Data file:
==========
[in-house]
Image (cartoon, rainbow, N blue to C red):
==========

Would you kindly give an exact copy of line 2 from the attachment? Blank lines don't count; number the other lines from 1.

Image (cartoon, rainbow, N blue to C red):